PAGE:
by Zane Lamprey
As the founder of Adv3nture, and host of my new show, Four Sheets (which you can watch now on DrinkTV) I have the privilege of traveling to some amazing places. My trip to Machu Picchu has been a bucket-list item from the first days I laid eyes on a photo of it in one of my father’s National Geographic magazines. Although it still impressed me when I saw it in person, the real surprise of the journey was the city of Cusco, Peru, which serves as a gateway to Machu Picchu.
Machu Picchu is probably the most famous remnant of Incan civilization. It was built in the mid-1400s as a citadel and served as a royal estate, but once completed it was only used for about 80 years before it was abandoned, likely due to Spanish conquest in other parts of the empire or possibly over-farming of the land. These days its ruins are a jaw-dropping site for visitors from around the world.
If you’re one of the more than one million visitors to Machu Picchu each year, you’ll likely spend time in the city of Cusco, about three hours by train (or three days by hike) from the ruins themselves. Cusco was the capital of the Inca Empire for about 300 years and, at one point, was the largest city in the Americas. Like Machu Picchu itself, Cusco is now a UNESCO World Heritage site.
There’s plenty to do and see in both places. If you’re headed that way, here are a few sites I suggest you don’t miss!
San Pedro Market
open 9a to 6p - Cascaparo, Cusco 08000, Peru
Here you’ll have the chance to check out the many many street vendors offering empanadas or buttifaras (ham sandwiches on french bread) if you’re hungry, or you can try some chicha if you're thirsty. The small amount of alcohol (about one to two percent) in the chicha should kill off any waterborne bacteria. I didn’t get sick, but drink it at your own risk. Also, in the market, there is no shortage of unique offerings, like exotic fruits and vegetables or (pause for dramatic effect) roasted guinea pigs (I had guinea pigs as a child… I passed). You can also find handmade sweaters, scarves, or dolls as souvenirs (and of course your typical mugs and magnets). My wife and I did all our holiday shopping here.
open 6a - 11:45p - Calle Inca Roca, Cusco 08000, Peru
Another great spot to shop for scarves and sweaters made with fleece from alpacas (all unharmed - we don’t use animal products in our Adv3nture products and always condone excellent treatment of all animals). Just a couple blocks from the Museo de Pisco (see next entry for more), this shop has great prices, and if you’re picking up several items in one purchase, and you’re so inclined, you can try your hand at haggling the total price down 10 or 20 percent.
Food & Drink
Museo de Pisco
open 11a to 1p - Santa Catalina Ancha 398, Cusco 08000, Peru
The Pisco Museum was one of my favorite stops in Cusco, which may have something to do with the fact that it’s more of a bar and less of a museum. It’s a great spot to try Peru’s national cocktail, the pisco sour, and a variety of other pisco cocktails. The bartenders are quite charismatic and they all love pisco, so you’ll likely learn something while you’re having a fun time!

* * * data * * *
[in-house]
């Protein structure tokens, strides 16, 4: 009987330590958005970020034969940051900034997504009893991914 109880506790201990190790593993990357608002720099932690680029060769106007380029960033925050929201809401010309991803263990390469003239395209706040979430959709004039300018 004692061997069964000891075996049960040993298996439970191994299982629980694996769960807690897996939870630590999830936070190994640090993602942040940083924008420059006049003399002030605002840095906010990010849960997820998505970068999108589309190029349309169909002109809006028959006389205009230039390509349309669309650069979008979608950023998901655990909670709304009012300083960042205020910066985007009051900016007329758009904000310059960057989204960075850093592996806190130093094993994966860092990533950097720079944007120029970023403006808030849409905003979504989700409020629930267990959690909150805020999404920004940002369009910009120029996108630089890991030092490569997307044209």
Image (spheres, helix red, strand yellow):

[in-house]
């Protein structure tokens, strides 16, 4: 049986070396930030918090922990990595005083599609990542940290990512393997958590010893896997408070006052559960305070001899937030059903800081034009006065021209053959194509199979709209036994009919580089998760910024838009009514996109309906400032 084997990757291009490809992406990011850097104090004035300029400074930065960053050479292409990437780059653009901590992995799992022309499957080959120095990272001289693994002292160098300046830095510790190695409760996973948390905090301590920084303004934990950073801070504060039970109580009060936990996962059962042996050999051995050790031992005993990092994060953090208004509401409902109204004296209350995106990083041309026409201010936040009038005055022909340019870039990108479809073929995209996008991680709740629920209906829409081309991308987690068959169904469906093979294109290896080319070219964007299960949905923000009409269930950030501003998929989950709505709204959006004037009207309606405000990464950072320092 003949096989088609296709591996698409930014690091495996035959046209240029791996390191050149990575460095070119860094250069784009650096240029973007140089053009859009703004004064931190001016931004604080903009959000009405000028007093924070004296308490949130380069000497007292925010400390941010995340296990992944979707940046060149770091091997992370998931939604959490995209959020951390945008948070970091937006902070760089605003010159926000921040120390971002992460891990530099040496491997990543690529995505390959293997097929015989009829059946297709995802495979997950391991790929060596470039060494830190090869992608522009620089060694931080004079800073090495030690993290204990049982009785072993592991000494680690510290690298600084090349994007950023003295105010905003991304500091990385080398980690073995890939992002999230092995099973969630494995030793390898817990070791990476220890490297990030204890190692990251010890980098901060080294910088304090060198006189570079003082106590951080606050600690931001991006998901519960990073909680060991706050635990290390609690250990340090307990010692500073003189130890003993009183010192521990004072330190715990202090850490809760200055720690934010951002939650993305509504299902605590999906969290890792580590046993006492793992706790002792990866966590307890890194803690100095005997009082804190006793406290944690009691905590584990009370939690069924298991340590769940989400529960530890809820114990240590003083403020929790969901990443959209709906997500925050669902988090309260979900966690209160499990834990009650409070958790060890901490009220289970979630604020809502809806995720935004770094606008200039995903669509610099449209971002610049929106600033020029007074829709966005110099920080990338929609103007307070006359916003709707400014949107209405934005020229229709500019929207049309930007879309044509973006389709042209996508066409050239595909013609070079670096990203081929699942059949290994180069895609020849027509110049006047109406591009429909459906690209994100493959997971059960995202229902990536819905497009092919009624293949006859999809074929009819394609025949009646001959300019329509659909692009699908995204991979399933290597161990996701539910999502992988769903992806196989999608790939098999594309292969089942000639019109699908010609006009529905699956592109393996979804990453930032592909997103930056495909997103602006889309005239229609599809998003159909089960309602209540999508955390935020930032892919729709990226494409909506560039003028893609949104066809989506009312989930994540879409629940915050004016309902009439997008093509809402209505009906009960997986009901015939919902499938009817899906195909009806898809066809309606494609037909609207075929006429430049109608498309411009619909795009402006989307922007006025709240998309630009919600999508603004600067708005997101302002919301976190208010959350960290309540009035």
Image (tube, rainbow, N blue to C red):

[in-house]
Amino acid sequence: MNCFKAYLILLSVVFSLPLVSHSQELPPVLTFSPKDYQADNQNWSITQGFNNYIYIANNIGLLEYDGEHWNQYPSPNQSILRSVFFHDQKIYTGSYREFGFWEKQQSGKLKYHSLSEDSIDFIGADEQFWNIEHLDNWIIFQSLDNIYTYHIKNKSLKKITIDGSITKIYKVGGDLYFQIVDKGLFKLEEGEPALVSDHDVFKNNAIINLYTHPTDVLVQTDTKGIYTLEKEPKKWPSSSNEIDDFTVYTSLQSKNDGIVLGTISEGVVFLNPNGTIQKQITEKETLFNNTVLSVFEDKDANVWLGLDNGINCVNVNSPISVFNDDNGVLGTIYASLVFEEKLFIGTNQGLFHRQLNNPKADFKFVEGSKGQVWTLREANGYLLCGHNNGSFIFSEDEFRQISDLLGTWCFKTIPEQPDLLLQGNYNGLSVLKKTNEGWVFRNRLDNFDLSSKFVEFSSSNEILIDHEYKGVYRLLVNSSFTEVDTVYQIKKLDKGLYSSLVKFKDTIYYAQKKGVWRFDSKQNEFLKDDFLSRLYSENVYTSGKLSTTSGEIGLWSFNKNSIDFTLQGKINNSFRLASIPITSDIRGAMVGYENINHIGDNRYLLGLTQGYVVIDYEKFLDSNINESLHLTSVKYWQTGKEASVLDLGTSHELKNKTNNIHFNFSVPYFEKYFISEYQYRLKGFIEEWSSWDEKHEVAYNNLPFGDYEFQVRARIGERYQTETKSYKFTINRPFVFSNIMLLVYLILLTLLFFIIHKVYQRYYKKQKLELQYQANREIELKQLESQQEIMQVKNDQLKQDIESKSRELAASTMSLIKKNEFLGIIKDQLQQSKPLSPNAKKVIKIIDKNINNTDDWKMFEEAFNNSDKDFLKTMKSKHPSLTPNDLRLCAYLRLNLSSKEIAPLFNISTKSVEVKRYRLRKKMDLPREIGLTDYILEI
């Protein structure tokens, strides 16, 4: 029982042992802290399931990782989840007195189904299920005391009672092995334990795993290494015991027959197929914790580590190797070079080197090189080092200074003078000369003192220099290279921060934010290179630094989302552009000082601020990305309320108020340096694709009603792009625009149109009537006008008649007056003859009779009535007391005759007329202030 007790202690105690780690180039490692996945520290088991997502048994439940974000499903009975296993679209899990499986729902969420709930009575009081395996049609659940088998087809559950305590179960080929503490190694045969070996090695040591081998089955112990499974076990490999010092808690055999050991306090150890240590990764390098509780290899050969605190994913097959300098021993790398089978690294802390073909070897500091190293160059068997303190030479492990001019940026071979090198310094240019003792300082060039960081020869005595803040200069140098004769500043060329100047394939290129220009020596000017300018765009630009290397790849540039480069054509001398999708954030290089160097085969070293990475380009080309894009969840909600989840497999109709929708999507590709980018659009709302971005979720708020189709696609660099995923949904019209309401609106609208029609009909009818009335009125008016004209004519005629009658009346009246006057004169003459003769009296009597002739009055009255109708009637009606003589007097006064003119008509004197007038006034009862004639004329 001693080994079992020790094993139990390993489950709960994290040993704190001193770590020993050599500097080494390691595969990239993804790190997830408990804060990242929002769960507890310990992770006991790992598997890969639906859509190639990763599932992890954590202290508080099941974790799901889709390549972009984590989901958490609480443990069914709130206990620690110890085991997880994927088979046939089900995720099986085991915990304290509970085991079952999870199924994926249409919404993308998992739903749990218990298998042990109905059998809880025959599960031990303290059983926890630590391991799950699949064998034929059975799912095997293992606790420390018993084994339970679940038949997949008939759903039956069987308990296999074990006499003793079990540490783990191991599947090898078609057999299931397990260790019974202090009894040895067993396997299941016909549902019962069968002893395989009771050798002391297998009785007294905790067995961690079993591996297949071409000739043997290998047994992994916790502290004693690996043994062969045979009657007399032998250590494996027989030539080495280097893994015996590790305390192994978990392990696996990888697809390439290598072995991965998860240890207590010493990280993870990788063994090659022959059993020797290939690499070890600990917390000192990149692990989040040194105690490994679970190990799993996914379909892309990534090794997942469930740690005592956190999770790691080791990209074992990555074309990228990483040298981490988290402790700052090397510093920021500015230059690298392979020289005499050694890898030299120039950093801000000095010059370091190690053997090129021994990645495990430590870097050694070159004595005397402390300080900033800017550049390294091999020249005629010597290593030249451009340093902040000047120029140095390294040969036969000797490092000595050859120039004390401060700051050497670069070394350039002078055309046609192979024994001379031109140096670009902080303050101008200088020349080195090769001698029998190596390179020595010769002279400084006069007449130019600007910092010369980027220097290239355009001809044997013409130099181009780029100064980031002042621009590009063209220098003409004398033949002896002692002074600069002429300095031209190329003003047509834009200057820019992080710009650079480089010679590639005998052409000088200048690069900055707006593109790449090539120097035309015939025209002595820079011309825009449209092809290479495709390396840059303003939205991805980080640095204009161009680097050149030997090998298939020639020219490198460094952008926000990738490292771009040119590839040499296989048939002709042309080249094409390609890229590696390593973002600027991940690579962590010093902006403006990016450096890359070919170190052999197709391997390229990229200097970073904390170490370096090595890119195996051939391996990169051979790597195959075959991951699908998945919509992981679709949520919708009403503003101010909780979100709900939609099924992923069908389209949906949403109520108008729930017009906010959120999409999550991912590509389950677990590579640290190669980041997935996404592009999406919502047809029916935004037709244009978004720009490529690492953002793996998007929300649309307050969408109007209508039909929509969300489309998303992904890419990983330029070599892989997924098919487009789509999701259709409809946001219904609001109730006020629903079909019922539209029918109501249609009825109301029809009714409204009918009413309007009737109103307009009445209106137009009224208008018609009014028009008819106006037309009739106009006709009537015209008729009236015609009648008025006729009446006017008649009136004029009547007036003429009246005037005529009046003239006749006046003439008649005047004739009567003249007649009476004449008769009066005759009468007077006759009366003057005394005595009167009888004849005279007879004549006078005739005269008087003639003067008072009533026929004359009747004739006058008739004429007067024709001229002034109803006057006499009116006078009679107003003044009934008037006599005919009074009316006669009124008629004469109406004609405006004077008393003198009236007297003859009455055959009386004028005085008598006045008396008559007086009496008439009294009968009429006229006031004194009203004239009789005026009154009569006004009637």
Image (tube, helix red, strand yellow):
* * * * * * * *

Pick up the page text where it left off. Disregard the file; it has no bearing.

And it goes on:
open Mon-Sat 9a to 12a, Sundays 2p to 12a - Calle Pasñapakana 133, Cusco 08000, Peru
Limbus Restobar has one of the best views of the city of Cusco. That, and of course its excellent food and drink, makes it well worth a visit. The cuisine is Peruvian with global influences, and the cocktails are crafted with care and are simply amazing. While you’re there, try the "Cocaine!” (the restaurant’s signature cocktail).
open Thu-Sat 5p to 11p - Av. Collasuyo 3407, Cusco 08000, Peru
This is another of my favorite spots in Cusco (if you swing by, tell Zac that Zane says hello). The beer is great, and the story of the brewery, the first to open and stay open in Cusco - is fascinating. There are quite a few challenges facing anyone who wants to brew beer in Cusco, such as the altitude. Another is the water. In Cusco, the water is very high in certain minerals (like calcium) that make it necessary to use reverse osmosis to remove them - but then, since some beers require the presence of certain minerals, these then have to be added back in lesser amounts. Learn more at foursheets.com.
open daily 5p to 3a - Calle Tecsecocha 429, Cusco 08002, Peru
El Duende, named after an elf-like being from traditional Peruvian folklore, is a bar and restaurant located a few blocks from the Plaza de Armas (see the following entry for more). If you go, try the té macho (which literally translates into “manly tea”) - a blend of tea, fruit, spices, and pisco. Or, if you’re at home, here’s how to make your own.
Plaza de Armas
always open - Plaza Mayor, Centro de, Cusco 08000, Peru
The Plaza de Armas is the center of the city of Cusco. Take a walk on the stone pathways, enjoy the well-manicured gardens, and check out the Cusco Cathedral and the Iglesia De La Compañia De Jesús, both beside the plaza. I suggest visiting both during the day (for the architecture) and during the night (for the nightlife and buzz of activity).
Hiram Bingham train
There are two ways to get from Cusco to Machu Picchu: by foot (three days) or by train (three hours). Mel (my wife), the crew, and I had cases of heavy equipment, so a hike was out of the question-- although that would have been interesting. Instead we made the journey aboard the overly-posh Hiram Bingham train, named after an American explorer who was instrumental in bringing the knowledge of Machu Picchu’s existence to the world in 1911. If I were to do it again, I’d save the money and take the Inca Rail - the scenery along the way is the same, especially on the return trip, which is dark. And, they both have a bar car...
The Machu Picchu ruins themselves, along with their picturesque mountain settings, defy description. You’ll have to see it for yourself, so I’ll leave it at that. Get out there! Go!
Travel. Explore. Live!